Station Commander’s Foreword…

Group Captain Al Gillespie Station Commander

The arrival of Spring finds every Squadron at RAF Waddington engaged in operations……ranging from West Africa to the Mediterranean and onwards to the Middle East.

Making a ‘perfect five’, 8 Squadron’s E-3D Sentry begins Operation ACTIVE ENDEAVOUR, joining Sentinel, Shadow, Reaper and co-manning Rivet Joint crews in ensuring aircraft from Waddington can be found on-station around the world every hour of the day.  This edition of Insight focusses on the experiences of two of our squadrons in delivering their operational output.  Firstly, 5 (Army Cooperation) Squadron recounts the first days of its deployment to Mali and 120,000 nautical miles over Africa.  Secondly, 51 Squadron, which will soon see its own aircraft arrive here at Waddington, marks the 20,000 hour milestone of co-manning operations on board the United States Air Force RC-135 Rivet Joint.  Heavily engaged in its own operational commitments, 14 Squadron takes time to join Exercise PASHTUN DAWN on the Salisbury Plain and to visit the Cabinet War Rooms and Bletchley Park.

Also in this edition, we continue our look back at RAF Waddington ‘Through the Years’ – this time focussing on the outbreak and early years of World War 2.  In Autumn 1939, only 44 and 50 Squadrons remained at the Station, with the Avro Manchester arriving with 207 Squadron shortly after the outbreak.  This period also saw the enemy bombing of Waddington Village and Station as well as the award of the Victoria Cross to Squadron Leader John D Nettleton for his formation lead of the daring bombing of the marine diesel engine factory in Augsburg.  In their own exploration of the Station history, 1237 Air Training Corps recounts a visit by the cadets to the Waddington and Scampton Heritage Centres as well as their rather impromptu ‘visit’ to the Red Arrows.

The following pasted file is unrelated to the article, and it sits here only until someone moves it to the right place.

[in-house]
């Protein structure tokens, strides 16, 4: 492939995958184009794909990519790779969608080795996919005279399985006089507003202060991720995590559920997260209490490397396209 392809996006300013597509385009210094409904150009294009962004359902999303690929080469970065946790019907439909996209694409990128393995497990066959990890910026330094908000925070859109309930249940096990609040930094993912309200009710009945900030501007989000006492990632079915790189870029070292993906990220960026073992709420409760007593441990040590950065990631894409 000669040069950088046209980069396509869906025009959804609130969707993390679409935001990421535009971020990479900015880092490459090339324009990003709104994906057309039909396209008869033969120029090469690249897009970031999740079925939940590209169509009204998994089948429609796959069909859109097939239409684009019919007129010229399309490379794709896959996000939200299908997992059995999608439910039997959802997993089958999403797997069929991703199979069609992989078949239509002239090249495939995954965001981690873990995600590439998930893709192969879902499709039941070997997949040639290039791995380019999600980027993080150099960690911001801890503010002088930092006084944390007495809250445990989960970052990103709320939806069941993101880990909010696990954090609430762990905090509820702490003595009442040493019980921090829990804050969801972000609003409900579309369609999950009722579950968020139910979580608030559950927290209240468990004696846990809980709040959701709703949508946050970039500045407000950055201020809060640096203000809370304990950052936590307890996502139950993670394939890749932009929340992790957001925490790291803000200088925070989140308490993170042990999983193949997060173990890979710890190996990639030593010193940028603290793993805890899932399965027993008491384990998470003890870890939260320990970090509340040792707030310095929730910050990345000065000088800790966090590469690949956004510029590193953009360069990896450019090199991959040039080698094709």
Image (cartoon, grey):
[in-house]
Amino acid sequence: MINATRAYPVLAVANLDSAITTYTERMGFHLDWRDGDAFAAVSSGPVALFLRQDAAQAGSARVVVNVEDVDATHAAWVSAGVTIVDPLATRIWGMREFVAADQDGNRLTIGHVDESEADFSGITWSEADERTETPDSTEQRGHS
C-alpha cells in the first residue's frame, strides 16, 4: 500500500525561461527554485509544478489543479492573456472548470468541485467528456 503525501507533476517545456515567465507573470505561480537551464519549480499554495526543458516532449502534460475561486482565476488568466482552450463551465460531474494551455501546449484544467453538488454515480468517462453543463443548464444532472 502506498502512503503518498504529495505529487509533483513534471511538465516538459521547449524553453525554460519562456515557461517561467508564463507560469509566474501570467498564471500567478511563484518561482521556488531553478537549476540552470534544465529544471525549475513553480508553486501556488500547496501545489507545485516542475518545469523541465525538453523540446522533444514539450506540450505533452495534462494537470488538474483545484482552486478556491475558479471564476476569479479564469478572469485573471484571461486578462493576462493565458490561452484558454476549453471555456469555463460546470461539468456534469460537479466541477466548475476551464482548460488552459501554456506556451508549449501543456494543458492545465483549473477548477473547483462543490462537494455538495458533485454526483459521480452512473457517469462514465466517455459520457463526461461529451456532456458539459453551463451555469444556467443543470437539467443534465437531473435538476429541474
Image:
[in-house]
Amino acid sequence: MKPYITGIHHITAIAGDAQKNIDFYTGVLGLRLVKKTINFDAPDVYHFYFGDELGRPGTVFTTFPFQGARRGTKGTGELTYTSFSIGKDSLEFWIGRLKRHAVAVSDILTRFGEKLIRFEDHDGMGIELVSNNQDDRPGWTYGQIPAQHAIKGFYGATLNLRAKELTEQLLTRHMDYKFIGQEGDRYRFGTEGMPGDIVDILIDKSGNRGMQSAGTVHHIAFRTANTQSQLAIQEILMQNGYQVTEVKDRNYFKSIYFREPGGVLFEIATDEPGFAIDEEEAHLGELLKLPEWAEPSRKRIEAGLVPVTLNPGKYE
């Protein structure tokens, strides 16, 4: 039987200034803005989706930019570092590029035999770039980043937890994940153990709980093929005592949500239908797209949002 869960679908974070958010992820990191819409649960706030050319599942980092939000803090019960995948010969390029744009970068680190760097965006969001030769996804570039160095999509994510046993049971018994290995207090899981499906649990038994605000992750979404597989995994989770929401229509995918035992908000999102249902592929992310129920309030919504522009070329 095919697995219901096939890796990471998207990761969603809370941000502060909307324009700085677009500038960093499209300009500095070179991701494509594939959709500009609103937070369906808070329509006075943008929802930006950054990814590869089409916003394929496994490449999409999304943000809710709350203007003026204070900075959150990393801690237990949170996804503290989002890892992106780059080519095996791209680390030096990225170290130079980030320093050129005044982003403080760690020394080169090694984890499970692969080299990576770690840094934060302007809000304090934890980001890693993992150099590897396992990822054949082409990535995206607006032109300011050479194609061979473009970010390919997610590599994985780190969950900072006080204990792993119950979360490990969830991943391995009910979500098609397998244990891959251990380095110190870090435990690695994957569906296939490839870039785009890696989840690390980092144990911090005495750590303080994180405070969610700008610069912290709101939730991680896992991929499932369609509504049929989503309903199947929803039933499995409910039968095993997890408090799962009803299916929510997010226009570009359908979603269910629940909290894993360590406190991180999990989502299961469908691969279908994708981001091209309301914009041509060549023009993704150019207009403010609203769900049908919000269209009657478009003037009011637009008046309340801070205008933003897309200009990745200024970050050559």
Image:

Moving from the past to the future, the Station receives the excellent news that we are to be in receipt of 142 new homes, along with RAF Coningsby, between now and 2014.  I take pleasure in seeing the first of the families moving into these new properties, built within the heart of our local community, and to the high quality that our Service Families deserve.

Despite the high operational tempo at Waddington, we can still find some time to support charities and other worthwhile causes.  No. 8 Squadron has been particularly energetic, with thirty Squadron members led by their Wing Commander Jim Beldon, Officer Commanding 8 Squadron, raising over £1000 for the British Red Cross, RAF Benevolent Fund and Keep the Beat Charity.  Congratulations to 8 Squadron Exchange Officer, Lieutenant Justin Dargan, United States Navy, for his impressive 39 minute time.  Raising the bar one higher, the Red Rock Relayers, composed mainly of 8 Squadron engineers, raised an additional £2300 for charity in the Race for Life.

Finally, our many clubs and Air Force organisations have been active as well.  The RAF Waddington Pipes and Drums completes a successful tour of Rhineland-Westphalia, as well as the Berlin Military Tattoo and British Military Tournament at Earl’s Court.  Pipes and Drums joins the Station Voluntary Band and the Spitfires Choir for a charity concert at Lincoln Cathedral.  The RAF Waddington and Digby Climbing and Mountaineering Clubs literally crawl over the top of each other in a two-part inter-station challenge and 8 Squadron Engineers, led by Senior Aircraftman Sam Shuttleworth, win top honours at the Station Inter-Section Championships on a particularly blustery and inhospitable March day.

I hope you enjoy this issue and that you will rejoin us in the next edition for an insider’s peek at the 2013 RAF Waddington Airshow and a look at RAF Waddington at the height of World War 2.

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